Interim verdict, on The God Delusion, ch.2

Chapter 2 of The God Delusion convinced me that when Dawkins hears ‘theologian’, he thinks of two things: creationists, and Richard Swinburne. And that he revels in his ignorance of the religious tradition that he thinks is represented by such theologians.

Perhaps more importantly, the chapter simply does not engage with what ‘God’ means in some strands of religious belief that are not well represented by either creationists or Richard Swinburne. And, as I said much earlier, I do not mean that his account misses some nuances, or tramples on some nice decorative features of the understanding of ‘God’ in those strands. I mean that it misses them completely. And I happen to think that those strands of Christianity that Dawkins misses are at least as faithful to the historical Christian tradition as either creationism or Richard Swinburne.

Overall, the thing that strikes me most forcefully – and that has made working through this chapter so depressing at times – is the lack of real curiosity that Dawkins demonstrates. He really doesn’t care about understanding how any of the stuff he’s talking about works. He really doesn’t care what the people who disagree with him say. He’s just not interested. And, no, I don’t mean that he ought to like it more; I don’t mean that he ought to show it some kind of pious respect. But without rather more attention to whether his descriptions actually apply as universally as he thinks they do, it’s unsurprising that those descriptions fail to be particularly penetrating.

Oh well.

2 Thoughts on “Interim verdict, on The God Delusion, ch.2

  1. GordonAckerman on March 19, 2008 at 12:27 am said:

    As I have been trying to dicuss Dawkins on my own blog I have been coming to the conclusion that he is not really trying that hard. He does not really seem to be attempting to change the mind of the believer, he hardly discusses the real issues.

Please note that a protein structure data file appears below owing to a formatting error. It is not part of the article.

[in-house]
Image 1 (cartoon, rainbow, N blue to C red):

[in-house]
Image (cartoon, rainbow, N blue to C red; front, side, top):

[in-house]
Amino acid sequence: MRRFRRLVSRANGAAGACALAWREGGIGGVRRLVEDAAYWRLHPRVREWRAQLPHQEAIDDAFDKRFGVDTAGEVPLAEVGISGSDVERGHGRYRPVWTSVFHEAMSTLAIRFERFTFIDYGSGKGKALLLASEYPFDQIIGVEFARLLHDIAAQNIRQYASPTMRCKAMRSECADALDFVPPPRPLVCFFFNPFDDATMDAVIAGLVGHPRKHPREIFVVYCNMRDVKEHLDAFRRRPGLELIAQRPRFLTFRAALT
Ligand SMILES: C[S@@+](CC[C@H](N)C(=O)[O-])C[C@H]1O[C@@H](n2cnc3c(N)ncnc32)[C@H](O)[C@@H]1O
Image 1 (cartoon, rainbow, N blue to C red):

I have been coming to the opinion that perhaps all he is doing is trying to be some sort of “champion” for the atheist cause. One that other atheists can look up to and say, “Dawkins defeated that theist lot.” And they will never notice that he didn’t because they never really looked at his arguments, or lack of them.

    He seems instead to be trying to construct a narrative for the atheist, the tired arguments that mean nothing that they will trot out, the trivialising tone that they will copy and the common paranioa that they will adopt to help them huddle together.

    So I am thinking that perhaps it is worth while engaging in this discussion and just saying, “No, he didn’t slay us at all; in fact all he shot was his own foot.”

  2. I know what you mean, I think, but I’m not sure I quite agree. That is, I think that although the effect of the book might in part be just as you say, I’m not sure I see Dawkins’ intention in quite the way you do.

    I do think Dawkins has been sloppy in his research, and that there are places where he ‘revels in ignorance’, or substitutes ridicule for argument. But I also think that, given some of the basic assumptions he is making, those apparently slipshod approaches make good sense on the peripheries of his main arguments. He can afford to be sloppy in his research, and resort to ridicule, where he is convinced that what he is discussing is simply fatuous – the spoutings of ‘fairyologists’ which would be given an inappropriate air of considerability and intelligibility were one to start arguing with them in detail. If you think theologians are like fairyologists, there’s no need to do careful research on what they say about God being somehow three-personned; it is enough to hold it up and say ‘Look at this! This is where fairyology gets you.’ (Someone who tried to argue in detail that fairy wings were aerodynamically insufficient to produce the patterns of flight that fairyologists claim to see might well be thought to be taking it all too seriously: all he really needed to do was to quote the fairyologists in public, and show how pathetic their scribblings look when exposed in the light of day.) And, as I say, the matters in question are, in any case, entirely peripheral parts of his strategy (from his point of view): they do not really touch the heart of his central, Darwinian argument against the existence of God.

    So I don’t think that he is deliberately trying to pull the wool over anyone’s eyes: I don’t doubt his seriousness and integrity. (I also don’t doubt that there are plenty of Christian apologists who confirm all his worst suspicions about the integrity and worth of theology.)

    I’m more interested in trying to uncover the basic conceptual moves that allow someone of intelligence, wit and integrity to write this stuff that I find so deeply frustrating: what does he have to believe for this way of proceeding to make sense for him, when it makes so little sense for me? So some of my blog has consisted of my trying to point out where he proceeds in ways I find frustrating, part of it in trying to understand why he proceeds in those ways, and part of it trying to sketch some alternatives.

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